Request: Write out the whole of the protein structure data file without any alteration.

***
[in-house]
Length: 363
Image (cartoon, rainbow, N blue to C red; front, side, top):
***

[in-house]
Length: 363
Image (cartoon, rainbow, N blue to C red; front, side, top):